While he had trouble with his main pitch, Watson’s secondary stuff was top notch. He went to the changeup on nearly one fourth of his pitches, and it ended up being worth 10 weighted runs better than average. Overall, teams hit .135 against the change and .136 against his slider.

But even with the emergence of the changeup, the projections for his 2017 don’t look pretty. Steamer has him as a 0.5 WAR player, but with an uninspiring 3.56 ERA, which would be his worst since his rookie season.

Watson has been used 403 times since 2011 and has made at least 67 appearances a year since his rookie campaign. He’s going to turn 32 in May, so those years of using him every other day may finally be catching up. He wouldn’t be the first reliever to fall victim to the workload over time.

Still, Watson has stood up to the test of being used 70 times a season for years now. If he’s used a little less often out of the bullpen, it would probably keep him fresher.

And once again, I feel like I should mention again that Watson had a pretty good season last year. It just didn’t meet the very high expectations he had set in years past. I know this article has been mostly negative, but just about every team would kill for a Tony Watson.

So if they would kill for him, should the Pirates supply the demand?

They would not be selling low on Watson. Even with three elite closers on the market, just about every contender is desperate for relievers. The previously mentioned Mariners are looking for a hard throwing lefty. The Mets will probably be looking for a closer depending on what happens with Jeurys Familia in his domestic abuse case. Mix in the other clubs who miss out on Chapman, Melancon and Jansen, and there is a market for Watson.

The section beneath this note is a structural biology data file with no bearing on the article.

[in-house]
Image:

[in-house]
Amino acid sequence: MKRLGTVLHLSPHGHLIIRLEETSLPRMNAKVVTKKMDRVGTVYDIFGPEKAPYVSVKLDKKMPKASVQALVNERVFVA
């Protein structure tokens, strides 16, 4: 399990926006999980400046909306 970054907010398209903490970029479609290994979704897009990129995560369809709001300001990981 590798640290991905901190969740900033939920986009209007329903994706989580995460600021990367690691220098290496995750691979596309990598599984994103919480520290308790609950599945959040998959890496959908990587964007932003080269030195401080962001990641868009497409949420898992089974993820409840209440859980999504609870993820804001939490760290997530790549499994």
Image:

Any trade probably should bring back at least one major leaguer. While Rivero seemed comfortable in the eighth inning role in September, he probably should be steered clear of the closer job for now. Someone like Feliz or Holland would probably have to be acquired to close. If two months of Melancon could bring back a quick fixer-upper like Rivero and a minor league lefty who throws 100, a year of Watson could have a similar return.

The majority of this team is under contract through 2018 and beyond. As it stands right now, the only players who are entering their last year of team control are Watson, John Jaso and Juan Nicasio. Watson is the biggest name out of the three and probably the only one who could give the Pirates someone worthwhile.

This is not a call to trade Watson. Even with some ugly writing on the wall with his sinker, he could be an All-Star again in 2016. The reasons for keeping him are obvious.

But if you’re going to entertain trading your superstar because his contract is nearing its end, he’s making a lot of money and coming off the worst year of his career, you have to apply the same mentality to Watson as well.

About Alex Stumpf (47 Articles)
Alex is a Pirates and Duquesne basketball contributor to The Point of Pittsburgh. He graduated from Point Park University with a degree in Journalism and Mass Comm. and a minor in English in 2014. Everything can be explained with numbers. If you want to keep up to date on both teams or have a story idea, you can follow or reach him @AlexJStumpf.
Contact: Twitter